9/11 airline trial to focus on specifics of intel failures

NEW YORK - The US judge overseeing the only wrongful death trial stemming from the Sept. 11 attacks said he will not let jurors hear a broad recounting of intelligence failures that preceded the terrorist strikes.
During a marathon court hearing in Manhattan on Wednesday, US District Judge Alvin Hellerstein said he will limit courtroom debate to specific events concerning the defendants in the case against United Airlines, a unit of United Continental Holdings Inc .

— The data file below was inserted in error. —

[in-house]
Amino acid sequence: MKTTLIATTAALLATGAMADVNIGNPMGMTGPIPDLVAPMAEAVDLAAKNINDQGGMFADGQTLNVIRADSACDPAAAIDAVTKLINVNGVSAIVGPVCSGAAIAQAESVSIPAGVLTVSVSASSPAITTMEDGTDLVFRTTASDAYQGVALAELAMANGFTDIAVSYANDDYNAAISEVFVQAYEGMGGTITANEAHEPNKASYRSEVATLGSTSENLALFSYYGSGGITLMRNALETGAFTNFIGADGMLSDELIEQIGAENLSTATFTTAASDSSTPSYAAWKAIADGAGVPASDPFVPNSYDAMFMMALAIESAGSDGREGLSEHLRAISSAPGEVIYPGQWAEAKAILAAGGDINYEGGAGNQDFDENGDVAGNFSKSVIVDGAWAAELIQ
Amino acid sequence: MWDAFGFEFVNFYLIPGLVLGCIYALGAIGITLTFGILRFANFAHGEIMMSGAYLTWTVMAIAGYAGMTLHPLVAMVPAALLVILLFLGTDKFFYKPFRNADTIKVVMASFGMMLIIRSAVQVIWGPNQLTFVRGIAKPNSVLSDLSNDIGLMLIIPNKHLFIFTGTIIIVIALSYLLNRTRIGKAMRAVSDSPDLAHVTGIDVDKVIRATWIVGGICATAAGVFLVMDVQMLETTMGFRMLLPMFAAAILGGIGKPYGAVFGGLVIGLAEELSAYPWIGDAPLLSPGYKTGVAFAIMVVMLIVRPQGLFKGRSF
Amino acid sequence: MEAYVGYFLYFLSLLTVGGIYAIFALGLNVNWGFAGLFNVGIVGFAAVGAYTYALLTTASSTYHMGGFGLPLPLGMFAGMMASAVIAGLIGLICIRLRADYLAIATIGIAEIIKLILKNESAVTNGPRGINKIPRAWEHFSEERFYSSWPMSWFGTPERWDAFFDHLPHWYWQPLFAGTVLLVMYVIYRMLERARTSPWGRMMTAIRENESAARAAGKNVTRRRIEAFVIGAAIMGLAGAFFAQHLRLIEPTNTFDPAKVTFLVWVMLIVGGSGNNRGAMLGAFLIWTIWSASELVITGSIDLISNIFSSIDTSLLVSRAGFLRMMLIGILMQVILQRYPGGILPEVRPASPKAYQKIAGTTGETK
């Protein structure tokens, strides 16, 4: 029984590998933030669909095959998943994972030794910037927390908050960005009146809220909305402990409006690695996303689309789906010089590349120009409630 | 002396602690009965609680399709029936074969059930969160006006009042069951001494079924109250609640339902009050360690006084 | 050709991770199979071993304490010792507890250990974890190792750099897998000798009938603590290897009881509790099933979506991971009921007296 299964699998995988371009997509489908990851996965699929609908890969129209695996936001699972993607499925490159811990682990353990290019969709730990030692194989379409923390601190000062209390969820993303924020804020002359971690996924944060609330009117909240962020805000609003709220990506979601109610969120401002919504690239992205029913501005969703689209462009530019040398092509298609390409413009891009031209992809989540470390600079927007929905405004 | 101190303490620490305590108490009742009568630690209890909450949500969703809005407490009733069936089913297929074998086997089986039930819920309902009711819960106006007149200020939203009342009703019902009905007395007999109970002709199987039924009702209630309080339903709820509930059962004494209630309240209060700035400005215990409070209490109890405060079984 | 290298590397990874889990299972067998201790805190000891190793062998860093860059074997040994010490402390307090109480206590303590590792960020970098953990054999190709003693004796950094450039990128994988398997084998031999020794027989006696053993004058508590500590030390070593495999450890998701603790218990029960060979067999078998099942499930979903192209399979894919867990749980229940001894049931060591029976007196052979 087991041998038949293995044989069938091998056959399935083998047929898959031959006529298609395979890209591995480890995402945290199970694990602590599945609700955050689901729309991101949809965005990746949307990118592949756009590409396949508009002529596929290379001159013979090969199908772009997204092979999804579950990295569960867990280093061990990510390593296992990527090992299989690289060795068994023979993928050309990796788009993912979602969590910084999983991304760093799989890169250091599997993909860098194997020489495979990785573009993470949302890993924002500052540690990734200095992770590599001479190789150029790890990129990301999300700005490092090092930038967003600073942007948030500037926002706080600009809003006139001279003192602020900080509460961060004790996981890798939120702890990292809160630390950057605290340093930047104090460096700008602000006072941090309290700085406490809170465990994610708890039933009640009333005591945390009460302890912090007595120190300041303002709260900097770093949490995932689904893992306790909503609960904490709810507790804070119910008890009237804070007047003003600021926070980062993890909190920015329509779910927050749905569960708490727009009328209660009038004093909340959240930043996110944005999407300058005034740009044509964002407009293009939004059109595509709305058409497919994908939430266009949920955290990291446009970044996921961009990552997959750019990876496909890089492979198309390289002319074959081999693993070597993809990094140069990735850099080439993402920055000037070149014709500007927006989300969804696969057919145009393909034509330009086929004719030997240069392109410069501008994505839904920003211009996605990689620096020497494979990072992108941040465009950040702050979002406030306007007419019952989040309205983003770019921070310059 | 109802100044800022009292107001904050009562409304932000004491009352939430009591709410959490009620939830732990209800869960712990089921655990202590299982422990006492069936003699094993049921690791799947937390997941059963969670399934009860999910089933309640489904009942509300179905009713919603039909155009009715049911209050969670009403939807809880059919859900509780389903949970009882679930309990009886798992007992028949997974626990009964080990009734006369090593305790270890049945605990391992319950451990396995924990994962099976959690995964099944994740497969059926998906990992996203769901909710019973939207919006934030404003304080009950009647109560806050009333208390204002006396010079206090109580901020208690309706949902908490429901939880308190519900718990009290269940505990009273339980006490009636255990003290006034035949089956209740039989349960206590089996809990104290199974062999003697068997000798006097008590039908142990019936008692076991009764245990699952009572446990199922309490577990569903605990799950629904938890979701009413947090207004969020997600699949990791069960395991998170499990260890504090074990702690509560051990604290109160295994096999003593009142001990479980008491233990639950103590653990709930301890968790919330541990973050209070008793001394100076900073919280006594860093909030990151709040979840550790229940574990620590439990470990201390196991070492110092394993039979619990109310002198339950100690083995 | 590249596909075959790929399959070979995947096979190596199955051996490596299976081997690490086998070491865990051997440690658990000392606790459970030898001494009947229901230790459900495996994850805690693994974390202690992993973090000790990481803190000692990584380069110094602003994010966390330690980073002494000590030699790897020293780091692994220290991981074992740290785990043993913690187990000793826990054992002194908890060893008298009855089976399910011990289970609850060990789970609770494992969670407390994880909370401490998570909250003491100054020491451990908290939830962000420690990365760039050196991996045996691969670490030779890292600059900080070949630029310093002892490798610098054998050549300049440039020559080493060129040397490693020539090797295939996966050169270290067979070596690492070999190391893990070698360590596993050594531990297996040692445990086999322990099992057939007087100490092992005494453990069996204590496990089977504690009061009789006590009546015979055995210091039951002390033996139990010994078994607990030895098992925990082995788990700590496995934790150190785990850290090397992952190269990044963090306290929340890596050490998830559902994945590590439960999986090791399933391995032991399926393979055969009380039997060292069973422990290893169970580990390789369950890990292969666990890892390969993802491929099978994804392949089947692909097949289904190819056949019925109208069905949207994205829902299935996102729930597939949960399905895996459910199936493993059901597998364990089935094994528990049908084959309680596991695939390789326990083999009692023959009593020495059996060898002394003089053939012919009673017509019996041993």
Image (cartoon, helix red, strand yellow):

The trial, slated for November, stems from a 2002 lawsuit by the family of Mark Bavis, who perished when United Airlines Flight 175 slammed into the World Trade Center on Sept. 11, 2001. It is the only wrongful-death lawsuit of dozens filed after the attacks to make it to trial, as settlements were reached in most others.
"I don't envision this trial as just a recitation of all that happened on 9/11," Hellerstein said to a crowded courtroom. "We're not here to try the FBI, the CIA and the FAA. We're here to determine whether the airline and Huntleigh were negligent."